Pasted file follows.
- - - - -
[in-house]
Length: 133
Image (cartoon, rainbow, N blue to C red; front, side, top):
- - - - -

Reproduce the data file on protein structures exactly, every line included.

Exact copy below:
[in-house]
Length: 133
Image (cartoon, rainbow, N blue to C red; front, side, top):